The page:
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Playing Sekiro: Shadows Die Twice? Try these Control Setting Changes

Swapping a few buttons made me better at Sekiro

by Kyle Hanson

Sekiro-Control-Settings-1

Sekiro: Shadows Die Twice is an excellent game, but damn can it be difficult. Built around the concept of improving yourself, the game tasks you with defeating seemingly insurmountable boss battles. And when you defeat them, there’s just another boss sitting behind them ready to take you on all over again. As you work toward defeating these guys you may fumble with the controls a bit. I have some suggestions on this front, especially if you’re playing Sekiro on Xbox One like I did.

By default the controls of Sekiro set attack to R1/RB and block to L1/LB. This works decently well, but seems configured with the PS4 in mind, where R1 and L1 are somewhat more prominent and spongy buttons. Pressing them over and over again, in precise timing to the action on screen makes sense and works well. RB and LB on the Xbox One controller are a bit more clicky and less often used in this manner. It also feels a bit weird pulling the left trigger to grapple, as it seems more like a secondary action than the primary function usually reserved for that input.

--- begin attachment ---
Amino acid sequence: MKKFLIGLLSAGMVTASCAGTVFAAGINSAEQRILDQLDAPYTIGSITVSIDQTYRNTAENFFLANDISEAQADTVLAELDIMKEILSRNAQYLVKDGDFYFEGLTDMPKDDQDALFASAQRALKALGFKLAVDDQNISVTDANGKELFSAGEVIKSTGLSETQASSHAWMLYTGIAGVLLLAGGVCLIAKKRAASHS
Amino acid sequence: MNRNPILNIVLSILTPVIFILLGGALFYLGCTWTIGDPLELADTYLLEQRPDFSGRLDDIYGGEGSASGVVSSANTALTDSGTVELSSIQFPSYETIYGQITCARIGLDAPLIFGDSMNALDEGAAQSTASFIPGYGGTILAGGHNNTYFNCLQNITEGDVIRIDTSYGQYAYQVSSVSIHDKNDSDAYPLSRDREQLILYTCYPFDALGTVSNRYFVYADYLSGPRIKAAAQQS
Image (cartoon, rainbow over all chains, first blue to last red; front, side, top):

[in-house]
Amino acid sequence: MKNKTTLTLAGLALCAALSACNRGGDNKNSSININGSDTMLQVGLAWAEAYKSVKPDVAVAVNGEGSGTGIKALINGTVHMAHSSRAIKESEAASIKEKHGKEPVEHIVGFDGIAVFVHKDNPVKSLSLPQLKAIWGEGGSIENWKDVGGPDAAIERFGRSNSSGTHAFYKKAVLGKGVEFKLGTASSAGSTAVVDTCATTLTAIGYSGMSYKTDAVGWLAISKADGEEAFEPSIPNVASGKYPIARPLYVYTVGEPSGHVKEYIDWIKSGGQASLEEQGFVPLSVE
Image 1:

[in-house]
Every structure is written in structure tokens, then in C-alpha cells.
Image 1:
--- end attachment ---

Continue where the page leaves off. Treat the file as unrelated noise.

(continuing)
So, if you’re playing Sekiro: Shadows Die Twice on Xbox One I suggest swapping these roles, preferably early on to avoid confusing yourself after building up your muscle memory. Go into the Settings and Options menu, go to the controller submenu and then pull the right trigger until you reach the last tab. Here you can change Attack to RT, Block to LT, then clean up the duplicate entries by changing Grapple to LT and Prosthetic moves to RT.

Obviously, this is going against FromSoftware’s intent and might present some challenges. In fact, one thing you will certainly have to watch out for is your higher level special attacks. These “Combat Arts” are triggered by pressing both block and attack at the same time, something I was more prone to do by accident with this setup. Keeping it in mind helped a lot though, and even in the old configuration I did it a few times anyway, so the trade off felt good for me. I haven’t tested this on PS4, so try at your own risk there, but with it’s more button-like shoulder buttons I doubt it’s fully necessary there.

In the end, this may not be the best for everyone, but it improved my game immensely, and made for a better flowing control scheme in my opinion. I hope you agree, but if not and you have any better ideas for how to alter the Sekiro: Shadows Die Twice control scheme, be sure to share them in the comments below.

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